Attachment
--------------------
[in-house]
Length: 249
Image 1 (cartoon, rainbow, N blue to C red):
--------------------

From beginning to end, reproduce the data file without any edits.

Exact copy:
[in-house]
Length: 249
Image 1 (cartoon, rainbow, N blue to C red):